Colloidal particles are microscopic or even nanoscopic-sized particles whose surfaces can be functionalised. Their very large surface areas relative to their small volumes means you can load each one with many molecules to deliver and release drugs or bind pathogens and biomarkers at the target site, opening potential for powerful diagnostic and therapeutic systems. The reason that this potential is yet to be exploited is that these functionalities depend on tight and quantitative control over the number, distribution and activity of interface chemical groups which cannot yet be visualized with chemical specificity and at the single-molecule level. The SuperCol ITN project plans to get a closer look at colloidal surfaces both visually and with receptor chemistry in order to aid development of these particle systems. To this end the project will combine super-resolution microscopy, colloidal sciences, and advanced modelling to (a) control, (b) visualize and quantify, and (c) rationally design surface-functionality to advance particle-based biomedical applications. SuperCol establishes a unique and well-structured training network with leading R&D labs from European universities and industry in the domain of correlative microscopy and colloidal sciences. The 15 Early Stage Researchers (ESRs) will form a research team that is embedded in leading industrial and academic R&D labs. This will bridge the gap between the various disciplines by uniting their research efforts to solve the challenges. The SuperCol project is supported by the European Union's Horizon 2020 research and innovation programme Marie Sklodowska-Curie Innovative Training Networks (ITN) under grant No. 860914. The vacancy is open to candidates who are in the first four years (full-time equivalent research experience) of their research careers and have not been awarded a doctoral degree (Eligibility rule), and who have not resided or carried out their main activity (work, studies, etc.) in Belgium for more than 12 months in the 3 years immediately prior to your recruitment (Mobility rule). If you are interested but your situation does not conform to the Mobility rule, please refer to www.supercol.eu to see if there is another position in the SuperCol network that would suit you.
PhD project: Tracking the biological fate of functional nanoparticles using fluorescence microscopyThe PhD is hosted by the Rocha lab at KU Leuven, which develops fluorescence microscopy tools and assays to address biologically relevant questions. The group works at the crossroad between biology, chemistry and nanotechnology. The main imaging modalities use are confocal, multi-photon, single molecule fluorescence (single particle tracking, super- resolution) and multi-plane wide field microscopy. In parallel, we work on the optimization of biomimetic matrices for 3D cell models and functionalization of nanoparticles.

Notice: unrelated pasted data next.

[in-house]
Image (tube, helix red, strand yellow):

The use of nanotechnology in cancer therapy has attracted growing attention over the past decade. Many drug nanocarriers offering considerable advantages over conventional chemotherapy have been developed. While some nanomedicines are already in use in the clinics(eg. Abraxane and Doxil), the clinical output is too low compared to the substantial research ongoing in this field. Promising results in vitro can often not be translated in vivo. This is linked to the in vitro testing of nanocarriers in 2D cultures, which can hardly mimic the complex network of a 3D tumor. To form a bridge between the in vitro and in vivo, it is crucial to test the performance of drug nanocarriers in advanced 3D cell models. The main goal of this position is to evaluate the uptake, inter- and intracellular fate of nanoparticles in 3D cell models of different complexity. These models include multicellular tumor spheroids (self-assembled aggregates of cancer cells grown in a matrix-free environment) and cancer organoids, grown using cells from tumor biopsies. You will use advanced optical (fluorescence)microscopy to characterize the different 3D cell models, selectivity of the particle-cell interactions, the cellular uptake, endosomal escape, and intracellular drug release.
We are seeking highly motivated candidates that hold a master’s degree in chemistry, biochemistry or nanotechnology related subjects. Experience with optical microscopes, nanoparticle functionalization or 3D cell culture is a plus. The candidate should be open to interdisciplinary science and collaborations. KU Leuven offers in this respect an ideal environment with a large number of science groups working on different (applied) subjects.
Interested?To apply for this position, please follow the application tool and enclose
- full CV – mandatory,
- motivation letter – mandatory,
- full list of credits and grades of both BSc and MSc degrees (as well as their transcription to English if possible) – mandatory (when you haven’t finished your degree yet, just provide us with the partial list of already available credits and grades),
- proof of English proficiency (TOEFL, IELTS, ...) – if available, and
- two reference letters – if available
Informal enquiries and applications can be submitted to Prof. Susana Rocha (email). You can apply for this job no later than February 15, 2020 via the online application tool. KU Leuven seeks to foster an environment where all talents can flourish, regardless of gender, age, cultural background, nationality or impairments. If you have any questions relating to accessibility or support, please contact us at diversiteit.HR@kuleuven.be.